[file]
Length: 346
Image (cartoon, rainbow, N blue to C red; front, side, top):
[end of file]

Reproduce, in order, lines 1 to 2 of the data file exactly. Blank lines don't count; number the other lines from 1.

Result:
Length: 346
Image (cartoon, rainbow, N blue to C red; front, side, top):